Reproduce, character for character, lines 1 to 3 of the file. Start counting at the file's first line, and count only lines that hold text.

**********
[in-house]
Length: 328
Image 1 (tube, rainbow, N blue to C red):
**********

[in-house]
Length: 328
Image 1 (tube, rainbow, N blue to C red):